Maybe you want to invest in founders located in a specific geography where you have unique dealflow opportunities. Or in founders that come from underrepresented backgrounds. You might have graduated from Stanford, and want to leverage your connections to invest only in Stanford graduates.

Don’t be afraid to niche down.

How do you plan to source these companies?

In today’s global and connected world, there are several pathways you can use to find investment opportunities.

Are you connected to startup operators? They’re often a great source of deal flow given their proximity to the startup ecosystem.

Maybe you plan to use university scouts to find up-and-coming founders. Or perhaps you have a strong social media presence that you can leverage for deal flow (more on this later 😉).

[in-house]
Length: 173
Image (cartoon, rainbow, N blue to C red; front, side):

Consider your relationships, both professionally and personally, as a starting point.

When it comes time to invest, what type of deals are you structuring?

When you approach LPs to pitch your investment strategy, they’re going to want to learn about your portfolio construction.

This is just a fancy way of saying, “Tell me about the specific details of the investments you plan to make.”

They want to know the numbers behind your investment strategy and how it affects your financial projections for the fund (aka, how much money they can expect back).  

What ongoing support do you provide portfolio companies?

After you invest in a company, your job has only just begun.

One of the best ways that VCs can increase their chances of running a successful fund is by supporting their portfolio companies for the long term.